Zeno’s Paradoxes are insightful here, particularly his most well known paradoxes of motion. This roughly states that to travel a length, any object must first travel half that length. Then similarly to travel half the length, an object must first travel half of that, and so on. In this way the length can never be crossed. This is the epitome the problem within the metaphysics of presence in that it assumes the length to be self-existing - that it exists in some ideal way. It is this very fundamental axiomatic assertion, which is false — it is impossible for any length to exist as it does in a text book, for example. Therefor this paradox always emerges when we discuss something that is assumed to be self-evident, self-existing or inherently existing. The understanding that all things are relational, that reality emerges from a shared and interwoven history, is the crucial insight here and later with the advent of differential calculus, modern science finally understood in a rigorous way how this was possible. However the paradox is even more deeply meaningful, because we have to accept things as self-existing to act in the world. The error we make is not that the system exists, but that it exists in a wholly truthful way, rather it is incomplete, open and relational.
This articulation, points to Heidegger’s assertion that what Nietzsche is trying to understand is the paradox of multiplicities, which is central to Heidegger’s later work. In Heidegger’s lectures on Nietzsche, he makes two propositions about the eternal return. Firstly he claims that Nietzsche is ‘the last metaphysician’ because he attempts an overthrowing of the Platonic tradition, which Heidegger believes is a true necessity (Kuiken, 2005). Secondly he proposes that the ‘eternal return’ is a fundamental doctrine of Nietzsche’s philosophy because it is centrally about the ontological difference, which is the difference between Being and beings (Kuiken, 2005).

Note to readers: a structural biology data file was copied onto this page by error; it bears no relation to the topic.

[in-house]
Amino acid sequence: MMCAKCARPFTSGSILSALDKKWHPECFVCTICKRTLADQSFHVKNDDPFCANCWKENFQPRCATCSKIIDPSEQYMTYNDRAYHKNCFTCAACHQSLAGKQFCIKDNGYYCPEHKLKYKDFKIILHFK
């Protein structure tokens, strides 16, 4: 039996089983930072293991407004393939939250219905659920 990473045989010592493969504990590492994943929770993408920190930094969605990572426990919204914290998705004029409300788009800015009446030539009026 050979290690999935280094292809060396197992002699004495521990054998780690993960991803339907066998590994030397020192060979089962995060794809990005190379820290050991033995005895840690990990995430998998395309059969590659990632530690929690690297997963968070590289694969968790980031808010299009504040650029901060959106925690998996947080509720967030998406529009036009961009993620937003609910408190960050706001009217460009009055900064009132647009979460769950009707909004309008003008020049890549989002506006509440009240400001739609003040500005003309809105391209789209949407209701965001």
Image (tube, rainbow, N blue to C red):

In his lectures Heidegger begins by inquiring into the unity or configuration (gestalt) of the doctrine — in this he means to ask the question, what is prefigured in the doctrine. He asserts that the central configuration of the doctrine is in the determination that Being is becoming (Kuiken, 2005). Proposing in this way Heidegger believes that this determination continues to think of Being under the conception of as and in this way in effect forgets difference.
Deleuze in the second chapter of Difference and Repetition shows an affinity with Heidegger’s stance and in particular to the problem of irreducibility between the question of difference and questioning itself. He however differs from Heidegger, in that he believes that because metaphysics cannot think of this difference ‘in itself’, it repeats something already occurred. And so for Deleuze, there is no ontological difference, but a unity in differentiation. We may call this a key differentiator between Deleuze and Heidegger in this respect, however we may also say that it is merely a matter of emphasis of the difference within an ineffable difference. With Heidegger, Nietzsche’s eternal return is rooted in his call for the end of philosophy and of metaphysics and it is precisely because it is launched from this critique, that Deleuze believes Heidegger does not free himself from Platonic metaphysics. Deleuze’s fundamental claim is that being is of one nature — that of differentiation. Further Heidegger’s conception of this, is not radical enough because it does not think difference beyond the epoch of representation.